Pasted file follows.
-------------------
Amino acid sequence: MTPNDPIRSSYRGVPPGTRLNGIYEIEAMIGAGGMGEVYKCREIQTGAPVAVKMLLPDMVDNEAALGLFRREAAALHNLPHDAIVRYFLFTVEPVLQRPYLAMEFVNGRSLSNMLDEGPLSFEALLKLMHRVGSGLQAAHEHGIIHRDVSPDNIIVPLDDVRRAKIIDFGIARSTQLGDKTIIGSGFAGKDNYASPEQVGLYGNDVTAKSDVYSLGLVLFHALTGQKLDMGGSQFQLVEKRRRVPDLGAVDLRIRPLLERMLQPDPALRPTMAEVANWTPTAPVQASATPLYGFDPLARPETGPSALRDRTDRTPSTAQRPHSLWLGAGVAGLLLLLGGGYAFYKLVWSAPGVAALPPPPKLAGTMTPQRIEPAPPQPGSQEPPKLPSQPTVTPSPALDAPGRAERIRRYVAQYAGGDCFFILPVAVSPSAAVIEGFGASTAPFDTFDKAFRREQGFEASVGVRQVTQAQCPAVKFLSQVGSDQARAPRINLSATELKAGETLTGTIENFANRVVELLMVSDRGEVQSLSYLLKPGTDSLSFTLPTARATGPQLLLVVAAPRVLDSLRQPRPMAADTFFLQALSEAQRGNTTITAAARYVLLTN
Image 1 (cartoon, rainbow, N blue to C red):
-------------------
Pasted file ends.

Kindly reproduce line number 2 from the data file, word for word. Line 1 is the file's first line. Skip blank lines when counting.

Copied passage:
Image 1 (cartoon, rainbow, N blue to C red):